Today’s Post of the Day looks at a purse snatching case out of Nashville this past Monday in which the victim’s husband ended up shooting the thief. Wait a minute, isn’t the use of deadly force in defense of property unlawful?
Generally yes, and likely so in this case … but the details matter, and in this case they may well all align with a lawful use of deadly force by the husband. (Hat tip to John D. for sending us this story.)
The facts as reported by Fox news are essentially as follows: the thief, identified as Jordan Ponce, 19, ran up behind and seized the purse of the 25-year-old female victim. She told police that when she declined to comply with the theft of her purse, the thief bashed her head against a wall.
At that point, her 29-year-old husband heard the female’s screams and came to help. The thief fled and was pursued by the husband, who took the thief to the ground, where the two men struggled. The thief hit the husband in the head, at which point the husband shot him.
The thief nevertheless managed to get into a vehicle, later discovered to have been stolen a short time before, and flee the scene. He would later be taken into custody and be in the hospital for treatment of wounds to his stomach and hands.
So, good shoot, or not a good shoot? Here’s where the details matter, and given the lack of relevant facts we’ll have to explore several hypotheticals.
One relevant question is at what point did the husband escalate to deadly force (bring the gun into play)? Certainly, the husband is entitled to use non-deadly force to recover his wife’s purse, and he’s probably legally fine as long as he limits himself to non-deadly force in that effort.
Deadly force absent an imminent threat of deadly harm would not usually be lawful, however. True, his wife had been attacked rather viciously, but that attack was over when the husband began his pursuit of the fleeing thief.
On the other hand, given the thief’s deadly force violence against the wife I suppose one might argue that the thief was a fleeing felon who was a deadly force danger to the community generally, especially in seeking to escape capture. “Fleeing felon” is never going to be the justification argument I want to be compelled to make in court.
Separately, I can’t help but wonder who is caring for the potentially seriously injured wife while the husband is chasing down a purse thief who, even if caught, might be bailed out of prison before the wife and husband have gone to sleep that night?
Another relevant question is whether the thief retained possession of the purse while he fled. So long as he did so the husband pursuing him was arguably still in the act of preventing the theft of his property. If the thief dropped the purse while fleeing, however, the defense-of-property justification goes out the window, and the further use of even non-deadly force by the husband could well be unlawful.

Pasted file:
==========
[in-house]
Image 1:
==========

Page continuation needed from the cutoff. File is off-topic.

Another question is the nature of the fight between the husband and the thief once they went hands on. The news report merely says the suspect “hit the husband in the head,” but it’s difficult to determine from that simple statement whether the husband was the subject of mere non-deadly force—which a bare-handed blow to the head would usually be, absent substantial aggravating factors—or deadly force.
If the blow to the husband’s head constitutes deadly force, and it well might have, the husband going to the gun may well be a proportionate response. If the blow to the head constitutes mere non-deadly force, however, where is the justification for the husband to resort to deadly force?
It’s also worth noting that it’s good for the husband that the thief survived the apparent gunshot wound, if only because it greatly mitigates his legal liability if his use-of-force turns out to be justifiable. If the thief dies, the husband is looking at murder or manslaughter. If the thief survives, any criminal charge is likely to carry a far lesser penalty.
It goes without saying that in this narrative the thief is an exceptionally unsympathetic character, and the husband’s reactions to the attack on his wife are likely to be perceived as perfectly human and emotionally understandable. I imagine most of us would like to think that the authorities reviewing this case would tend to apply their discretion favorably towards the husband, and negatively towards the cowardly and violent, car-stealing purse thief.
Very often that’s exactly what happens, and it wouldn’t surprise me at all if that’s what happens in this instance. It’s important to remember, however, that the application of this discretion is now outside of the husband’s hands—he is no longer in control of his own destiny. Ultimately it will be prosecutors—not the husband or his wife—who decide whether to test the husband’s use-of-force justification with a trial that could take years and burn through tens of thousands of dollars in legal fees—all with a real prospect for jail time in the end.
Maybe those prosecutors will use their discretion in the husband’s favor. But perhaps not. It’s dangerous to assume that a prosecutor is going to be favorably disposed to your use-of-force, especially if that prosecutor either sees legal vulnerabilities in your justification claim and/or perceives a personal or professional benefit to charging you regardless. The factual questions raised above are precisely the kinds of issues a prosecutor would look at in determining the extent of legal vulnerabilities in the husband’s justification claim.
Bottom line, I’m not telling you to not chase the guy who attacked your wife and stole her purse. I’m just cautioning that you make that decision in an informed way, and make sure the stakes are worth the risks.
Remember: You carry a gun so you’re hard to kill. Know the law so you’re hard to convict.
Attorney Andrew F. Branca
Law of Self Defense LLC